Eskom Appoints Commission To Investigate Itself
Johannesburg - Eskom is to commission an independent inquiry into the running of its business, Eskom Chairman Zola Tsotsi said on Thursday.
“The Eskom board has today resolved to commission an independent inquiry on the current state of the business and its challenges. We have deemed it prudent to seek an independent view of the status of, among other things, the poor performance on generation plants,” said Tsotsi.
The inquiry, Tsotsi said, will seek an independent view of poor performance on generation plants and high costs of primary energy, among others.
The chairman further added the decision was brought about by a board meeting held on Wednesday.
In addition to the inquiry, four executives, including Eskom Chief Executive Officer Tsediso Matona, have been asked to step aside for the duration of the three month inquiry. The other three executives that have been asked to step aside are Financial Director Tsholofelo Molefe and Group Executives Dan Morokane and Matshela Koko.
“The board would like the (exercise) to last no more than three months,” said Tsotsi, adding that it is critical to improve the situation at the power utility and for the inquiry to come out with solutions.
Tsotsi added that there was no malice behind the inquiry, saying an interim CEO and other executives will be put in place over the course of the duration of the inquiry, which will be carried out by an independent body.
“There are no charges against them,” said the chairman, refering to the four executives asked to step aside.
He added that the inquiry was a fact finding mission, and if improper conduct was uncovered “obviously we will have to attend to it”.
On a question of whether the shareholder [the Department of Public Enterprises] has been informed of the inquiry, Tsotsi said the blessing of the shareholder has been sought.
“So we have their support,” he said, adding that the inquiry did not mean that the board has lost confidence in Matona.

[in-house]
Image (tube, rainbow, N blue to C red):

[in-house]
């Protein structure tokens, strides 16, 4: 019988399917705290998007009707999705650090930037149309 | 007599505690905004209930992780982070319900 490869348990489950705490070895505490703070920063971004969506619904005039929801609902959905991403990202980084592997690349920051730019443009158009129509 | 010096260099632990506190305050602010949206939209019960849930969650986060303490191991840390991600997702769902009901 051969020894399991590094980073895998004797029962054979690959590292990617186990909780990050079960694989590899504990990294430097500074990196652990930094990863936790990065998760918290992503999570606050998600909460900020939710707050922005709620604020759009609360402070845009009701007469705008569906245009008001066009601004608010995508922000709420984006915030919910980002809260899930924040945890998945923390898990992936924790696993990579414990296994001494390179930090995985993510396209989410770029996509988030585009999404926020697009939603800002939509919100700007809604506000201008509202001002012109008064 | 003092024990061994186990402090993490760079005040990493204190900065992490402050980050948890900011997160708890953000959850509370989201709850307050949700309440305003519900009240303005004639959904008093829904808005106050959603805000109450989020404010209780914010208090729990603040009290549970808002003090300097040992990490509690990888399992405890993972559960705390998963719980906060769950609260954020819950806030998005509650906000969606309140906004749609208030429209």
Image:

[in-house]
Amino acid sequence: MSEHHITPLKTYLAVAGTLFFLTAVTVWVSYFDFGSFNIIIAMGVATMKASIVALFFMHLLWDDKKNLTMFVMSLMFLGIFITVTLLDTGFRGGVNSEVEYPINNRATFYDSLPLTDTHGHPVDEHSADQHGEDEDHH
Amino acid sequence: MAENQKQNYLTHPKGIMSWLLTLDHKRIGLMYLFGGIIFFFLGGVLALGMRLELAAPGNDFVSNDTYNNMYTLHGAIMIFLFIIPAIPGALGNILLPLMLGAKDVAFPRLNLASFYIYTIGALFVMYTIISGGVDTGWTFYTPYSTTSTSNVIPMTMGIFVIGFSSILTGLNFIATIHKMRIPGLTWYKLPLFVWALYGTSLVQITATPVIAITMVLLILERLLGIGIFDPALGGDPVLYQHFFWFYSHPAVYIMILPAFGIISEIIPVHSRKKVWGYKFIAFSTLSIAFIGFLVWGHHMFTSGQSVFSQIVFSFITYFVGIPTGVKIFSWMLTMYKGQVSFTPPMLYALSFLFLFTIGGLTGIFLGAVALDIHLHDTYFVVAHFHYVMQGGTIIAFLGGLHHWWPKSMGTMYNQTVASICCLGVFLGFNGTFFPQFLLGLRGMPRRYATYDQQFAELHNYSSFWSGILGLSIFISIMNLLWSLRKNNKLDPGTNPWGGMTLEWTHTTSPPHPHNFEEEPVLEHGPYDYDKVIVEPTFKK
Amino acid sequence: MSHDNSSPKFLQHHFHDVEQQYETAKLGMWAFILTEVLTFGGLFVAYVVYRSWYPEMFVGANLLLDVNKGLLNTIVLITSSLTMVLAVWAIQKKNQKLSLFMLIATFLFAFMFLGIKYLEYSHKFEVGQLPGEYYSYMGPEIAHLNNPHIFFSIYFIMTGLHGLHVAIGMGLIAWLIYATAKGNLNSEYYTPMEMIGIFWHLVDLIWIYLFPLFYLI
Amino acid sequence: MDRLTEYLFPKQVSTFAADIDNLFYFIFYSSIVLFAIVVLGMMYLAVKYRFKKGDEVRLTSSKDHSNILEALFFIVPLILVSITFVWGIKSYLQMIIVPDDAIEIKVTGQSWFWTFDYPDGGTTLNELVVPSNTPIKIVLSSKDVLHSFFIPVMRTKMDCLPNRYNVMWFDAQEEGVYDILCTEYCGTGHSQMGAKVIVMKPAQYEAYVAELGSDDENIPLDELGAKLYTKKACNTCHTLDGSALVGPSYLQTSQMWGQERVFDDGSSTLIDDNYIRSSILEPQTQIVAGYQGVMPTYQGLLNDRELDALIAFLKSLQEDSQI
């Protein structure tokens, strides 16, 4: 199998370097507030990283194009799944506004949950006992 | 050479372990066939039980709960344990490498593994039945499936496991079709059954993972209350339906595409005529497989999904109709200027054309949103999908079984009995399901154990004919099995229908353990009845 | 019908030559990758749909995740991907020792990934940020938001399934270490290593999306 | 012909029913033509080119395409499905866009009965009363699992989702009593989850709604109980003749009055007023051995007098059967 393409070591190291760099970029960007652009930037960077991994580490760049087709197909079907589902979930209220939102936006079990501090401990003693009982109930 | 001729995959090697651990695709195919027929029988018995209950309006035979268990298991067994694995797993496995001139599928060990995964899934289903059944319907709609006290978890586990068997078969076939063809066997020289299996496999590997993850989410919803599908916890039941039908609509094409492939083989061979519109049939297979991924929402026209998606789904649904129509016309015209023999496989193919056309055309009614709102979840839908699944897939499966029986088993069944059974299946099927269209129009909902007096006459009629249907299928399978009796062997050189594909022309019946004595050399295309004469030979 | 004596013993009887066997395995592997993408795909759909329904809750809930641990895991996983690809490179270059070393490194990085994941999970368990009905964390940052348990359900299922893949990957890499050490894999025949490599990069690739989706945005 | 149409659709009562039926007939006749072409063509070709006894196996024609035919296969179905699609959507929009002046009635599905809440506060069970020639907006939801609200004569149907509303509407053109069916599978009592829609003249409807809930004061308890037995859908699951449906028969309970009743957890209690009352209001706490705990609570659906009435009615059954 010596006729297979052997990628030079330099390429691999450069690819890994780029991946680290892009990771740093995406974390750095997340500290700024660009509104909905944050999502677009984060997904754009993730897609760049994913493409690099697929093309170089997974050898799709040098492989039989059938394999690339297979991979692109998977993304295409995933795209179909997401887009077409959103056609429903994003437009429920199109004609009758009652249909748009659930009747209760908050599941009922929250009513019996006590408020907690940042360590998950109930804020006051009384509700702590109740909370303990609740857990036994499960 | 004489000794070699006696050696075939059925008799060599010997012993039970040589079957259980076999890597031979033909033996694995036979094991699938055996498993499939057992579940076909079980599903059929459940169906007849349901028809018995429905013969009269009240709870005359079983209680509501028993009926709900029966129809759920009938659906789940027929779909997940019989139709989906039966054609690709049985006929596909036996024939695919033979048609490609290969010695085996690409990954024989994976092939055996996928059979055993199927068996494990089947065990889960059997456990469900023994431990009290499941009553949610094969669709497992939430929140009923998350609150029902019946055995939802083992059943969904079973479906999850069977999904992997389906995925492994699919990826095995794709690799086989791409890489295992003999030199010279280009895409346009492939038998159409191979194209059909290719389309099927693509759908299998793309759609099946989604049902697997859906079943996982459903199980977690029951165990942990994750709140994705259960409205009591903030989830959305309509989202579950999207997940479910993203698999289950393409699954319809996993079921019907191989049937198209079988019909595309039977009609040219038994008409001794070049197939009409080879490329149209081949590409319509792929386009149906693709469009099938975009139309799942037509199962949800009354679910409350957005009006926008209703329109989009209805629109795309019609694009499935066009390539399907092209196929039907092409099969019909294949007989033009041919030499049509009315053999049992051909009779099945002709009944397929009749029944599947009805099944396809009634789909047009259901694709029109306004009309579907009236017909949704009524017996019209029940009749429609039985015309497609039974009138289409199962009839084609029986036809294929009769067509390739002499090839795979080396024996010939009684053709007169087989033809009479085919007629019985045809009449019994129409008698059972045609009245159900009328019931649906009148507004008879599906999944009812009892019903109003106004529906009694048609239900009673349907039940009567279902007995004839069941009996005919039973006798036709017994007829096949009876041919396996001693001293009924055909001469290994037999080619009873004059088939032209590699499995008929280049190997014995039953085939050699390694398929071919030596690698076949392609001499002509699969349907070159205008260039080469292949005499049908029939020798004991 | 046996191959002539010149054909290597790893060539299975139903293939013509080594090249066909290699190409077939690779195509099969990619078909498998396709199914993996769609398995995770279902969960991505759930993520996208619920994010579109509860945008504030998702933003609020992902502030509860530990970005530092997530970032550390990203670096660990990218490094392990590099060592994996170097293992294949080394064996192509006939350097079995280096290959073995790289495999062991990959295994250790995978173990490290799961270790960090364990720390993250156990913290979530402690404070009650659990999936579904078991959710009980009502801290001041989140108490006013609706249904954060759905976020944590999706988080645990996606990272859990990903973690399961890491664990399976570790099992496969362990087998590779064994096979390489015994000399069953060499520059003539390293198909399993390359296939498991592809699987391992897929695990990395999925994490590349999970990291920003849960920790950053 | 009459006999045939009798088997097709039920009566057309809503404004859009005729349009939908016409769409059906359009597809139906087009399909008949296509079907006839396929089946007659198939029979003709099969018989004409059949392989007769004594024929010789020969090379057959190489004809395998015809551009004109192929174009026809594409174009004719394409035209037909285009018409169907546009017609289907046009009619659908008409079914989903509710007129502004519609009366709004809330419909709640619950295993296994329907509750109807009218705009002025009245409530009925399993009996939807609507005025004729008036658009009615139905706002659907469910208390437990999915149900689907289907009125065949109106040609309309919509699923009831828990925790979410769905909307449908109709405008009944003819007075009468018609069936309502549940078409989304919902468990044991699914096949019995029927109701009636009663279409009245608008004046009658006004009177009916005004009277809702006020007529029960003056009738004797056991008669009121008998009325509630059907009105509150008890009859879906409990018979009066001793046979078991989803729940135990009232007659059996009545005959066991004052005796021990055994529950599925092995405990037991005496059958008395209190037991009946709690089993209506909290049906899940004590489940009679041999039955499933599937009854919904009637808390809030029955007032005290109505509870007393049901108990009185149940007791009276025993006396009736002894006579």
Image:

“No we haven’t lost confidence in the current CEO and there is no crisis at Eskom,” he said.
The four executives had been asked to step aside so as to allow the inquiry to carry on unhindered.
Meanwhile, the power system is expected to remain tight going into the weekend, said the entity.
Public Enterprises welcomes
Pretoria - Public Enterprises Minister Lynne Brown has welcomed Eskom’s decision to launch an independent inquiry into the way it conducts business.
The Minister said as the shareholder representative, she is concerned about the instability at power plants; the financial liquidity of the utility; the lack of credible information; the unreliable supply of electricity and its dire impact on the economy.
She also expressed concern at progress with the build programme; overruns at Medupi and Kusile; delays of the investigation into incidents at Majuba and Duvha and the issue of coal and diesel pricing.
“I welcome the board’s decision to launch a comprehensive and holistic audit into the matters as highlighted,” said the Minister on Thursday afternoon.
The Minister’s comments come as board chairperson Zola Tsotsi announced that the utility will commission an independent inquiry.
“The Eskom board has today resolved to commission an independent inquiry on the current state of the business and its challenges. We have deemed it prudent to seek an independent view of the status of, among other things, the poor performance of generation plants,” he said at a press conference on Thursday.
Minister Brown addressed the Eskom board on Wednesday, where she shared her concerns, fears and frustration about the state of affairs at the state owned company.
“In my view, it should be deeper than a mere fact finding exercise and it should be a deep-dive into the company to tell us what is wrong and how it should be fixed,” she said.
The Minister said since the start of load shedding, she has been inundated with complaints from the public and business about the reliability of the grid and its impact on the economy and the lives of ordinary citizens.
have been assured that the audit investigation would not take longer
than three months and that it is not directed at any particular
individual or group but that it merely seeks to ensure that the
current challenges faced by the utility are addressed,” she said.